According to a recent article in Denver Post: The recent cantaloupe Listeria outbreak has few prime targets and these target companies have just $17 million in liability coverage for more than 130 illness cases. Experts in liability law believe that it could cost more than $100 million. The wide gap could make new legal targets out of grocery stores, distributors and auditors, and auditor labs, as victims seek large sums for compensation.
A lawyer and food-safety advocate, who is representing many cantaloupe-poisoning victims so far, said his early case research on the Colorado outbreak shows XYZ Farms has $2 million in liability coverage. Attorneys have sued XYZ Farm’s distributor, ABCD Produce of Texas also. But they only have $10 million in liability insurance. A 3rd party auditor that certified the cantaloupe farm’s safety practices before the outbreak has been threatened with lawsuits. This auditor company from California has $5 million in insurance.
The auditing company stands behind their audit as in line with cantaloupe-industry practices. They have never been sued, nor aware of any third-party auditing firms being sued under similar circumstances, according to an email from the President.
The 29 adult deaths and one miscarriage linked to the contaminated cantaloupe make the Colorado outbreak by some measures the deadliest since the Centers for Disease Control and Prevention (CDC) began tracking food illnesses in the 60s.
- The 2008-09 salmonella outbreak traced to peanut butter was blamed for 714 illnesses and nine deaths. Of those, just more than 100 sued.
- A spinach outbreak in 2006, about $100 million was spent to settle 110 lawsuits.
A Food and Drug Administration (FDA) probe at the farm found faulty machine, and improper washing and cooling methods. Colorado law makes it harder to sue stores in addition to the producer where the defect started, attorneys said. In the Listeria cases, attorneys may try to show retailers contributed by not demanding tougher farm audits, by failing to test for pathogens themselves, or by failing to wash the fruit one more time before sale. If the cantaloupe farm files for bankruptcy, claims would be put on hold until the assets and liability insurance are sorted out.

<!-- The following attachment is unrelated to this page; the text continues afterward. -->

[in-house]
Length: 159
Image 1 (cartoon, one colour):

It’s unreasonable to hold grocery stores responsible for the safety of every item on their shelves, retailers say. “They have to rely on manufacturers to take care of that end of business and to make sure food items are ready for customer sale when they get them,” said president of the Rocky Mountain Food Industry Association, which represents more than 300 grocery stores in Colorado and Wyoming.
Many food-safety advocates say it’s time for everyone to take more responsibility, especially with foods that cause repeated damage. Hamburger, unpasteurized dairy, spinach, cantaloupes and other products have often been at the heart of dangerous outbreaks in recent years.
Compromising food safety:
Is it worth it?
Is it worth for a farm/processor/manufacturer to solely depend on the third-party audits to save a few bucks? Should they have higher food safety standards? Should they have a Quality Assurance specialist on staff to ensure that food safety precautions are in place in every step? Should they monitor whether their food safety and quality management systems are working – a bit more?
I share this information because these legal claim numbers are very alarming and they can hurt any company or a store/restaurant immensely.
Become PROACTIVE and hire a professional – It can save you millions (as in 7 zeros).